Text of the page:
Eudocimus albus Photo Fiona Sunquist ©
SPECIES OF SPECIAL CONCERN
White ibis are medium-sized wading birds with a distinctive down-curved pink bill. The adult plumage is white, immature and juveniles are blotchy-white and brown. White ibis often feed and nest near humans, and are regularly seen probing for food on golf courses, lawns and in retention ponds. Natural foraging areas include bottomland hardwood and cypress swamps, riverbanks, mangrove swamps and mudflats.
Adults can excrete salt through a nasal salt gland. Although white ibis commonly feed in brackish and saltwater environments, successful breeding is dependent on access to freshwater feeding areas. Ibis are tactile feeders and can feed effectively in muddy waters and densely vegetated swamps. They feed primarily on aquatic arthropods, especially crayfish and insects.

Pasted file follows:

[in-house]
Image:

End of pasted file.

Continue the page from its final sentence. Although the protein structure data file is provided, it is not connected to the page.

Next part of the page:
Nesting colonies are usually surrounded by water, as nests are vulnerable to predators such as raccoons and opossums. Adult birds will fly as far as 30 km from the nest to collect food for their young.
Ibis foraging and breeding habitat has declined significantly in the last 50 years. In the 1930’s and 1940’s it was not uncommon to see flocks of white ibis numbering in the thousands. Today, breeding white ibis have declined by 95% in southern Florida due to hydrological changes in the Everglades.
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